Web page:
Fresh Egg Round Up

Friday Social Round Up: Vine Reaches 40 Million Users, Twitter Adds Tweet Context, Zuckerberg Gets Hacked, and More

From the first murder charge resulting from Twitter evidence, to Facebook’s Mark Zuckerberg getting hacked, social media has featured heavily in this week’s news.

Here we take a look at these stories, as well as the latest Twitter update which makes it easier for users to get their news through the platform. This week’s infographic meanwhile is by Brandwatch, and it depicts how social media changed the world.

Vine reaches 40 million users

The Twitter-owned video app Vine has now acquired a total of 40 million users within its seven month lifespan. This is particularly impressive, especially considering the rapid rise in user count since June, when there were a reported 13 million registered accounts. This is welcome news for the app, which has received some stiff competition from Instagram in recent weeks, which launched its own rival video app.

Vine tweet announcing reaching 40 million followers

Twitter adds context to tweets

As of next week, Twitter will display the context and related headlines for tweets embedded elsewhere online. Twitter has long been a source for real-time news and this new feature will make it easier for users to get to the bottom of the stories behind trending themes and hashtags.

Twitter related context feature

Image source:

As Twitter states on its official blog: “[these new] embedded Tweets connect stories about a Tweet with the Tweet itself.”

First murder charge given due to social media activity

A US teenager has become the first ever person to be charged with murder as a result of his tweets being used as evidence. Cody Hall from California was originally charged with vehicular manslaughter (death by dangerous driving) but prosecutors decided to increase the charge to murder, in part because of his Twitter activity.

Hall’s tweets reportedly boasted of his love for speed and also referred to his car as a “death trap”.  The Tweets will be used as a crucial piece of evidence to differentiate between manslaughter and murder as Brian Welch of the Santa Clara county district attorney's office says:

The Twitter message will likely serve as a 'pre-offence e statement' not unlike an e-mail or handwritten note, to bolster the prosecution's theory of 'implied malice' required to prove a murder charge.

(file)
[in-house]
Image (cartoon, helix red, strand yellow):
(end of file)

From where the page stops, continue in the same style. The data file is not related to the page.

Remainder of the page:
This case could set a precedent for the wider use of social media as evidence within trials, but also brings up the all-too-familiar debate surrounding privacy and social media.

Cody Hall

image source:

Zuckerberg’s Facebook profile gets hacked

Facebook creator, Mark Zuckerberg, had his account hacked by a systems IT specialist from Palestine. Khalil Shreateh resorted to hacking Zuckerberg  (subsequently posting onto his wall) after his attempts to inform the Facebook security engineers of a glitch were ignored. Shreateh wrote "I [had] no other choice…after all the reports I sent to [the] Facebook team [were not followed up]."

zuckerberg hack

Image source:

The Facebook security team have admitted that they should have followed up Shreateh’s initial reports more carefully. However, the platform has refused to pay him the usual $500 dollar reward for pointing out a security issue because his actions violated Facebook’s Terms of Service.

Social stat of the week

57% of UK smartphone owners visit social networks every day on their phones

smart phone social media statistic

source: Our Mobile Planet

Infographic time

This infographic from Brandwatch shows how social media has changed the world:

how social media changed the world infographic

Viral video of the week

This video from British Airways pitches man against plane in a race with surprising results…

If you would like to know more about how to market your business with social media, why not say hello to the Fresh Egg team?